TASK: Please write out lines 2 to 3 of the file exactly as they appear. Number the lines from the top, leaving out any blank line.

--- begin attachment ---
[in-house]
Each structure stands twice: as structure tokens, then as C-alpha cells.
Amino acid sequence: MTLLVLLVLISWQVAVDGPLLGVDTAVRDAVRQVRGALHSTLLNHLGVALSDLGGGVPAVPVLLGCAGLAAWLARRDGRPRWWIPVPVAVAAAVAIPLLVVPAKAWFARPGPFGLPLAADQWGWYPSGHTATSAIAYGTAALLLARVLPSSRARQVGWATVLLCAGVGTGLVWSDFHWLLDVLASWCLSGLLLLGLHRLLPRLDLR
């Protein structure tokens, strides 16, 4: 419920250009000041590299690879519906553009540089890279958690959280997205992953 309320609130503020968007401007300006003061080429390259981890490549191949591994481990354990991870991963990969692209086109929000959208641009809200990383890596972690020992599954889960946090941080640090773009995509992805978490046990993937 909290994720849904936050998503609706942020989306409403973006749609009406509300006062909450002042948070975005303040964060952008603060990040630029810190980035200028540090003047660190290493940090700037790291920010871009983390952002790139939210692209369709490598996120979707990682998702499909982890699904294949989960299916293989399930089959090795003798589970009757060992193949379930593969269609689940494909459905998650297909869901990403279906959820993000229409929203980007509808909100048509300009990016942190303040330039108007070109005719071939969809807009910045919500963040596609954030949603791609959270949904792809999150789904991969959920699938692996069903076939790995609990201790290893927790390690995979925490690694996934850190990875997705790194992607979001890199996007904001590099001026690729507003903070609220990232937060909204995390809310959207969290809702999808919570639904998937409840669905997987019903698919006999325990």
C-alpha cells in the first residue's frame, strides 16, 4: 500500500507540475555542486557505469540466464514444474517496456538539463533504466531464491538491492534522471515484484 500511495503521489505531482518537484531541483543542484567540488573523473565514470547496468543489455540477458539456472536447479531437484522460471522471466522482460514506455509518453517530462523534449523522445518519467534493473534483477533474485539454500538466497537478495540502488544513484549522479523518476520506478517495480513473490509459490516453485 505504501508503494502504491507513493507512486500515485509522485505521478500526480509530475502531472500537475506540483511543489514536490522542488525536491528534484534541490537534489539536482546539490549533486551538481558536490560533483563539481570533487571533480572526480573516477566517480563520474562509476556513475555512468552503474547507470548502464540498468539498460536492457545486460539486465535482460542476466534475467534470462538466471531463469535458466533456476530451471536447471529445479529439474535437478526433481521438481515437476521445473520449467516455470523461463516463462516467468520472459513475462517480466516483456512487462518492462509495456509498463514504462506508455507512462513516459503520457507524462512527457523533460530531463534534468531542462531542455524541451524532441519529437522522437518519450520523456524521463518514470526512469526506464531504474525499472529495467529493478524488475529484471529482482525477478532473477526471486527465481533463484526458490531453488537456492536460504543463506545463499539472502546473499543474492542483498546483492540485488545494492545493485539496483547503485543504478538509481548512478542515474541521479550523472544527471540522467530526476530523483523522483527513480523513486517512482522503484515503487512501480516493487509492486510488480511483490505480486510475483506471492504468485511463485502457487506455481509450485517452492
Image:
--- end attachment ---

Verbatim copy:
Each structure stands twice: as structure tokens, then as C-alpha cells.
Amino acid sequence: MTLLVLLVLISWQVAVDGPLLGVDTAVRDAVRQVRGALHSTLLNHLGVALSDLGGGVPAVPVLLGCAGLAAWLARRDGRPRWWIPVPVAVAAAVAIPLLVVPAKAWFARPGPFGLPLAADQWGWYPSGHTATSAIAYGTAALLLARVLPSSRARQVGWATVLLCAGVGTGLVWSDFHWLLDVLASWCLSGLLLLGLHRLLPRLDLR